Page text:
?Social media – putting the customer in the boardroom? is a phrase we are hearing more about, and for good reason. It emphasises the important role that these channels can play in everyday business life. Indeed, without a presence on social media, an organisation is in real danger of falling behind competitors who are using it as a sophisticated tool for building brand equity.However, any medium that allows customers direct access to the upper echelons of an organisation has risks. There have been many examples of ?social media disasters? where companies have been embarrassed after a misplaced Tweet or Linkedin conversation. Other pitfalls include time and interest. Many CEOs have started the social media journey but run out of time or interest ? the disappearance of a CEO from a blog or a Twitter account that has not been updated for weeks has as much of an impact on the perception of a company than anything else. Ensuring that the CEO is fully engaged and allocates time to the process is crucial for those tasked with running social media. However, a CEO that is interested in the impact social media can have, tuned to what is acceptable to say and more importantly, what is not and that is committed to regularly posting, is worth their weight in gold. Below are four reasons why CEOs should be on social media:
1. Profiling the personality behind the brandTaking to Twitter, Linkedin or even contributing to a blog gives a CEO the opportunity to show customers, potential customers, suppliers and employees a side to their personality that might not normally come out in more official documents and events ? crucial to helping build brand equity.
2. Engaging with customersThe fact that social media means customers have a regular, direct contact, with the CEO is often the reason that many give for not engaging. However, a tool that allows you to engage directly with end users is too important to ignore. It can also give the CEO a first-hand insight into how customers think ? something that was almost impossible a few years ago. It means that if somebody has a reasonable complaint it allows the CEO to make necessary changes and ensure the company is working better.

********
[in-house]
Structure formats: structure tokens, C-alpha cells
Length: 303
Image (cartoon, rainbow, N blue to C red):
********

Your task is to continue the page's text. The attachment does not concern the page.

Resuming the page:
3. TrustIn a survey conducted in the US in 2012 by a company called Brandfrog, 82 per cent of respondents were more likely or much more likely to trust a company whose CEO and leadership team engage with social media. This is a remarkable statistic but shows the increasing emphasis that the public places on CEOs having some kind of presence on social media and how this presence results in brands appearing trustworthy enough to do business with. This points to a direct correlation between CEOs engaging in social media activity and new areas of income for organisations.
4. Attract better employees and keep the ones you?ve gotIn the same survey 78 per cent of respondents stated that they would prefer to work for a company whose leadership is active on social media. Employing and keeping the very best talent is always a challenge in a competitive market. However, clearly and regularly updating and stating opinion via social media allows CEOs to plainly put the case for coming to or remaining at their company.
Thomas Vollrath is CEO of 123-reg?s parent company Host Europe Group.Image source
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